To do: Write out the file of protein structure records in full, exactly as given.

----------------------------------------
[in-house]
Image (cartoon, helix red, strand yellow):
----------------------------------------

[in-house]
Image (cartoon, helix red, strand yellow):